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Modeling Pulse Propagation and Scattering in a Dispersive Medium

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4 Author(s)
Norton, G.V. ; US Naval Research Laboratory, Stennis Space Center, MS ; Novarini, J.C. ; Anderson, W. ; Lanzagorta, M.

Accurate modeling of pulse propagation and scattering is of great importance to the Navy. In a nondispersive medium, a fourth order in time and space 2-D Finite Difference Time Domain (FDTD) scheme representation of the linear wave equation can be used. However, when the medium is dispersive, one is required to take into account the frequency-dependent attenuation and phase velocity. Until recently, to include the dispersive effects, one typically solved the problem in the frequency domain and not in the time domain. The frequency domain solutions were Fourier transformed into the time domain. However by using a theory first proposed by Blackstock, the linear wave equation has been modified by adding an additional term (the derivative of the convolution between the causal time domain propagation factor and the acoustic pressure) that takes into account the dispersive nature of the medium. In the cases we are examining, what makes the water environment dispersive is the presence of air bubbles that are present at only a very small set of grid points. This leads to a numerical scheme where the amount of work to be done on individual grid points can vary by two orders of magnitude, leading to load balancing problems. This paper will examine the challenges encountered in implementing this problem efficiently on High Performance Computer systems and the tools, algorithms, and code changes required to run this code efficiently on such machines.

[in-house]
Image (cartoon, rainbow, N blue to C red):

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Users Group Conference, 2005

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